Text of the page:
Colored Bubbles As A Great Invention
You may think you've seen these before, but you haven't. Although traditional clear soap bubbles give you a rainbow effect in the right light, Zubbles are the first truly colored bubbles—nearly opaque, with a single vibrant hue.
The problem, which took Minnesota toy inventor Tim Kehoe more than 10 years to solve, was to create a dye that could not only tint the thin wall of a soap bubble but that wouldn't leave a stain when the bubble broke.
His solution: invent an entirely new dye that simply disappears. Agitation (rubbing your hands together) or exposure to the air transforms the dye's molecular structure from brightly colored to colorless in minutes or hours, depending on the surface the bubbles break on.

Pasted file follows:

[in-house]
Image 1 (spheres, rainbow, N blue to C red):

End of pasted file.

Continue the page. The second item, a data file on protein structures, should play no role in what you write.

Zubbles will hit shelves early next year, but the temporary washable color may soon show up in other products, including a bathroom wipe that leaves a momentary trail of color to show you where you've cleaned, and a toothpaste that turns kids' mouths bright pink until they've brushed for 30 seconds.
Kehoe even imagines biomedical and industrial applications. Who knew what bubbles could do?
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